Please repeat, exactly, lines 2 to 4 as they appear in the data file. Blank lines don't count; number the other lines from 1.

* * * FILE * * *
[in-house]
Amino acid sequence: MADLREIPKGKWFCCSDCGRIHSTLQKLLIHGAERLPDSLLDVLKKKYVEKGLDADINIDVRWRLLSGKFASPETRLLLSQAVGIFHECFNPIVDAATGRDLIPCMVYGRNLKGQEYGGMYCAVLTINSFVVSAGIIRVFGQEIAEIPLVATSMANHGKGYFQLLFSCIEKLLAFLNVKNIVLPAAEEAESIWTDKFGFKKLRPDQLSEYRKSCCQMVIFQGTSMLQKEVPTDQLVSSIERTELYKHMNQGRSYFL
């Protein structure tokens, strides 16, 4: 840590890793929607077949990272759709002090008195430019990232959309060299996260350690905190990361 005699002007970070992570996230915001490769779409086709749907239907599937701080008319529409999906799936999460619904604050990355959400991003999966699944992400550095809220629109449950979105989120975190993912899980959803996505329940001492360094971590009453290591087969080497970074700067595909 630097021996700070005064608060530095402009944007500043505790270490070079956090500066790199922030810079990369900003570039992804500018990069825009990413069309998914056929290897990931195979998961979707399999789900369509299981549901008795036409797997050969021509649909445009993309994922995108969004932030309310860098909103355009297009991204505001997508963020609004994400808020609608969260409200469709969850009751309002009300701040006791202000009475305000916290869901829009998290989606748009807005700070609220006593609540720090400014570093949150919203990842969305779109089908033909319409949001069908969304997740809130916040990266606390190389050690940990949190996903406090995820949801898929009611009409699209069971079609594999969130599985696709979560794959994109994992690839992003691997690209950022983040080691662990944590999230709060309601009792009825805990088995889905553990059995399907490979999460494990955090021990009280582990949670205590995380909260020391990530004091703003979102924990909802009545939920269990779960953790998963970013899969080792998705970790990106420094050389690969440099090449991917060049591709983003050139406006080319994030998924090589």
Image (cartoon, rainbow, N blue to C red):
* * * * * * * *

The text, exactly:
Amino acid sequence: MADLREIPKGKWFCCSDCGRIHSTLQKLLIHGAERLPDSLLDVLKKKYVEKGLDADINIDVRWRLLSGKFASPETRLLLSQAVGIFHECFNPIVDAATGRDLIPCMVYGRNLKGQEYGGMYCAVLTINSFVVSAGIIRVFGQEIAEIPLVATSMANHGKGYFQLLFSCIEKLLAFLNVKNIVLPAAEEAESIWTDKFGFKKLRPDQLSEYRKSCCQMVIFQGTSMLQKEVPTDQLVSSIERTELYKHMNQGRSYFL
């Protein structure tokens, strides 16, 4: 840590890793929607077949990272759709002090008195430019990232959309060299996260350690905190990361 005699002007970070992570996230915001490769779409086709749907239907599937701080008319529409999906799936999460619904604050990355959400991003999966699944992400550095809220629109449950979105989120975190993912899980959803996505329940001492360094971590009453290591087969080497970074700067595909 630097021996700070005064608060530095402009944007500043505790270490070079956090500066790199922030810079990369900003570039992804500018990069825009990413069309998914056929290897990931195979998961979707399999789900369509299981549901008795036409797997050969021509649909445009993309994922995108969004932030309310860098909103355009297009991204505001997508963020609004994400808020609608969260409200469709969850009751309002009300701040006791202000009475305000916290869901829009998290989606748009807005700070609220006593609540720090400014570093949150919203990842969305779109089908033909319409949001069908969304997740809130916040990266606390190389050690940990949190996903406090995820949801898929009611009409699209069971079609594999969130599985696709979560794959994109994992690839992003691997690209950022983040080691662990944590999230709060309601009792009825805990088995889905553990059995399907490979999460494990955090021990009280582990949670205590995380909260020391990530004091703003979102924990909802009545939920269990779960953790998963970013899969080792998705970790990106420094050389690969440099090449991917060049591709983003050139406006080319994030998924090589």
Image (cartoon, rainbow, N blue to C red):